The research and understanding of pharmacological treatments in bipolar disorder is rapidly changing. The American Psychiatric Association’s (APA) Treatment Guidelines for Bipolar Disorder, Second edition, published in 2002, are already substantially out of date as it applies to medications. For example, sweeping statements made about the benefits of the newer antipsychotic medications (atypicals) over the older ones (typicals) need to be revised in light of recent research that shows that the differences and advantages are not as great as previously thought.
At the same time, pharmaceutical companies have been actively seeking new indications (on-label uses) for the atypical antipsychotics and other medications. Since the publication of those guidelines, a number of medications have received FDA approval for use in the maintenance treatment of bipolar disorder as well as specific indications for either mania or depression.
The good news is that bipolar disorder is receiving significant attention, and with this burgeoning in research will hopefully come more effective treatments that can lessen the severity of mood episodes and improve overall functioning.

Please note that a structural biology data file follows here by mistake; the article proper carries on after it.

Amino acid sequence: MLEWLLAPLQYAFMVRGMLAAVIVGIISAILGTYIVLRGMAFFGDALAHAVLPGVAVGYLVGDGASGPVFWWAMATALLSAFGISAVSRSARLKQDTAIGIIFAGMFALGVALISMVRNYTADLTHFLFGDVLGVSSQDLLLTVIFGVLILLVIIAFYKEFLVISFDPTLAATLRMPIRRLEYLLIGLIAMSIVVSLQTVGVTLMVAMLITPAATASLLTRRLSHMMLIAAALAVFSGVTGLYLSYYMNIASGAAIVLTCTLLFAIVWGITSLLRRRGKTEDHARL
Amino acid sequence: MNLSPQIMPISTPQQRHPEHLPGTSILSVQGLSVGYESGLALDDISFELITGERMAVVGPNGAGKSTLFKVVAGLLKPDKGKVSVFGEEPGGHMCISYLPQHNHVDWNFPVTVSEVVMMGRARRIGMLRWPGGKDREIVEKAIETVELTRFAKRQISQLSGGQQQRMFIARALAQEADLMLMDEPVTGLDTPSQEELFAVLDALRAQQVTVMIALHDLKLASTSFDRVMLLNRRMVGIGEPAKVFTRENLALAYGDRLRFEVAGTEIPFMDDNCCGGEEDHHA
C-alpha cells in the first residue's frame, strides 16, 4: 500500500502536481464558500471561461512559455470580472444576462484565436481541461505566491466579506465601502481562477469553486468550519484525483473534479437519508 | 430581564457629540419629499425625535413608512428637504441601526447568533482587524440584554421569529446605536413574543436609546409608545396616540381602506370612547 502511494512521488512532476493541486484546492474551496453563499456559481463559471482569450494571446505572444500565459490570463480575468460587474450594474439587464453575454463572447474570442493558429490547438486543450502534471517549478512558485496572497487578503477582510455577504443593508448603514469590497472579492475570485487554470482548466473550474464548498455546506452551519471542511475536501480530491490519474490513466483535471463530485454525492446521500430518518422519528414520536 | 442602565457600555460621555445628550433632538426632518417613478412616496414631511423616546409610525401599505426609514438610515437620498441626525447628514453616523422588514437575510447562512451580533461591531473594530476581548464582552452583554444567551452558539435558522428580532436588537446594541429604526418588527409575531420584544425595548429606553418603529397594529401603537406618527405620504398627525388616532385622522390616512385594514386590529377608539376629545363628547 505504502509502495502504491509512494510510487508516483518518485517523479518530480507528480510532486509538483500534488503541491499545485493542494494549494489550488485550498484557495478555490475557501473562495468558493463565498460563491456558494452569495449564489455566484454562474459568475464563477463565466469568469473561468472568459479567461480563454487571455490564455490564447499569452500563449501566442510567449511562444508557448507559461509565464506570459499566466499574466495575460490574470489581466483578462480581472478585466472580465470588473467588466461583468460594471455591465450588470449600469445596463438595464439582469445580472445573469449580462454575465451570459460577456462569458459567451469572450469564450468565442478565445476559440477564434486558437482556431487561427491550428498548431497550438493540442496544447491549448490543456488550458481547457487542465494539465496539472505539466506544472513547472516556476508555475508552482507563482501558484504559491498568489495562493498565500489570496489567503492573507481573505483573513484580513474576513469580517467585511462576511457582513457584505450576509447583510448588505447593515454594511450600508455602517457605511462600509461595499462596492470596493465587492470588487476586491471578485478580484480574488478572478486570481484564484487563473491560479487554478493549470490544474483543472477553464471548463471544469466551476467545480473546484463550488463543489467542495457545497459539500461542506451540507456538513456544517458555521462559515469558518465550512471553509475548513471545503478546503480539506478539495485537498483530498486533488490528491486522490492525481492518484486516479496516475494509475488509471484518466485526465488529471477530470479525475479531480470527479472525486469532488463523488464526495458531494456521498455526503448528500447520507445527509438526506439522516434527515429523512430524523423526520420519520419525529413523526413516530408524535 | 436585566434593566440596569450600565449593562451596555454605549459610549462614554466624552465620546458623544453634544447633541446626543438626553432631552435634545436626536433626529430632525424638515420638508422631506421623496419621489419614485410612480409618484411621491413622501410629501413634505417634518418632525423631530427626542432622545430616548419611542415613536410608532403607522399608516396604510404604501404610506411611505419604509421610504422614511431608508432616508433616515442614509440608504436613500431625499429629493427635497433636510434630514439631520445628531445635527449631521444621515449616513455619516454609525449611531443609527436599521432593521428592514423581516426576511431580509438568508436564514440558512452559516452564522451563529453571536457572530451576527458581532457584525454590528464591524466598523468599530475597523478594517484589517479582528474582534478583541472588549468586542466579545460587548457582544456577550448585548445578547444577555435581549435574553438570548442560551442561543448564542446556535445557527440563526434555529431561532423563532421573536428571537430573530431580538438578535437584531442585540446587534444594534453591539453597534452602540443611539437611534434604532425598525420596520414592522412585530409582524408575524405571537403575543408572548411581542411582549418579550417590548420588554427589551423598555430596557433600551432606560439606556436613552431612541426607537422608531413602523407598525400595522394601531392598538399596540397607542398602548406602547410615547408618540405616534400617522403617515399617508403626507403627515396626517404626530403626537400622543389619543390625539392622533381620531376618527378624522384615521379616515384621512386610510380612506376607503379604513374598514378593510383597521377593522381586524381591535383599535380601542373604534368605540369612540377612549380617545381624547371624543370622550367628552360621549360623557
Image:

The challenge is that in research no one study is usually considered the be all and end all. Being able to replicate a study and get the same, or at least close to the same, findings is tremendously important, and it’s only after replicating a finding that one can have a degree of confidence in the results.
So with the excitement of all the new research, and new options, come a few cautionary words. With the exception of some important federally funded studies, most of the new research is underwritten by the pharmaceutical companies; these are for-profit corporations looking to bring new compounds to the market or find fresh indications for existing medications that will generate a profit.
So what we need to know about the advances in the field is: what are the latest studies showing, how strong are the results, and have those results been replicated in other studies by different researchers? It becomes a balance of keeping up to date and keeping in mind the medications that have been around for a longer time, that have an established track record and multiple studies to back up their usefulness.